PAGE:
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Sticking to a plan

What price peace of mind?

Turbine aircraft can cost millions to buy, but the purchase is a one-time outlay. It’s the recurring—and often unexpected—costs of ownership that add up over the months and years. Maintenance costs are notoriously unpredictable, with months going by without a trip to the shop—only to be interrupted by a major repair.
Illustration by Andrew Baker
Illustration by Andrew Baker

Some expenses are calendar events that can be anticipated. These include annual or recurring inspections, such as the “A, B, C, D” checks used by some manufacturers. “A” checks usually come every 400 hours or so, “B” checks every six to eight months, “C” checks every two years, and “D” checks every seven to 10 years.

But component failures, wear and tear, service bulletins, airworthiness directives, and other surprises can deliver unpredictably huge, expensive maintenance curveballs. “On condition” maintenance programs may let operators fly for long periods of time—until an issue crops up, at which time it must be addressed quickly.

Of course, manufacturers offer warranties for aircraft purchased new, and maintenance plans for avionics, airframe, and engine inspections and repairs for “in service” aircraft—those (“used”) airplanes out of warranty. To cover the cost of parts, Bombardier has its SmartParts program, Gulfstream its PlaneParts, Dassault its FalconCare. Engine manufacturer Pratt & Whitney offers its ESP and ESP Gold programs, Williams its TAP Advantage and TAP Elite programs, and Honeywell its MSP and MSP Gold programs for engines and auxiliary power units. Independent provider Jet Support Services Inc. (JSSI) offers plans for all jet aircraft, engines, and APUs. All these plans spread out the cost of maintenance by charging operators per-hour fees. How much you pay chiefly depends on how much you fly per year, or per maintenance contract interval.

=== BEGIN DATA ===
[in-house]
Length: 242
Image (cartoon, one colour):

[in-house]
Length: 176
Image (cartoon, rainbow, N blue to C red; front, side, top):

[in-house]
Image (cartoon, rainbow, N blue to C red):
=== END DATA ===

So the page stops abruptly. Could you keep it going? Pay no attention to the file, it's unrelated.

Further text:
Textron Aviation, manufacturer of the popular Cessna Citation and Beechcraft King Air lines of jets and turboprops, has sold by far the most general aviation turbine aircraft. Teresa Ortega, now managing partner at Wichita training and consulting firm Ortega Aviation Services (ortegaaviation.com), served for 20 years as sales manager for Textron Aviation’s ProAdvantage maintenance programs. Now she advises a range of clients on maintenance strategies—among them, the Citation Jet Pilots owner-pilot association (CJP).

“Pilots sometimes have misconceptions about maintenance plans,” Ortega said. “For example, some think that an airplane’s warranty would cover any and all maintenance. Not true. You may need supplemental coverage from separate maintenance plans to make sure all parts and labor are covered on some repairs.